You’ll never buy stock again

This may be one of the easiest kitchen tricks I’ve learned in the last few years.  I haven’t bought any stock since I figured this out. It saves money, but more importantly, this stock tastes MUCH better than anything you can buy.

Step 1:  As you peel, chop, and otherwise use any vegetables for recipes or salads, save all the pieces you would normally throw away.

The vegetables that help the most with umami (and make your stock great) are the classic mirepox (carrots, celery and onion), garlic bits, and mushrooms.  There are a few vegetables you should avoid using for stock. Some vegetables will make the stock bitter or impart a strong, very specific taste that may not work in some recipes (e.g eggplant, turnips, cilantro, ginger). If you happen to be someone who buys Parmesan cheese with a rind, those rinds are wonderful in stocks. If you use fresh herbs when you cook, make sure you throw the stems in the stock.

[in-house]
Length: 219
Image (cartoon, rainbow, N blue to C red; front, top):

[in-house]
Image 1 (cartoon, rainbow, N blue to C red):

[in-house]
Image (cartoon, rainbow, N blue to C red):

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Step 2:  Keep a big ziplock bag in the freezer and toss the washed bits you saved into the bag.  When you drain beans, tomatoes or other vegetables from cans, put the juice in the bag, too.

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Step 3:  When the bag is full, put the frozen vegetable bits in a big pot with water to cover them, bring to a boil and then simmer for about an hour.


If you have an Instant Pot, you can make stock in less time.  I don’t add salt while making the stock because it lets me season the dishes I make to taste.


 Step 4:  Freeze the stock you don’t use in a day or two.

 I usually freeze my stock in 1-2 cup plastic containers.  Alternatively, use freezer bags if you want to take up less space in your freezer (Push the air out of the bags and lay them flat on a cookie sheet to freeze).  Another trick is to freeze the stock in ice cube trays or muffin tins and then put the frozen stock in freezer bags.

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In addition to recipes, use this stock instead of water when you make rice or grains. Thaw your stock in the refrigerator (if you remember) or in the microwave (if you don’t).

We eat a mainly plant based diet, so I only make vegetable stock.  If you eat meat, you can save the bits from the meat or fish you cook – or ask your butcher for stock worthy bones and add them to the vegetables to make great chicken, beef or seafood stock.  If you want perfect chicken or beef stock, you may have a bit more work to do… 🙂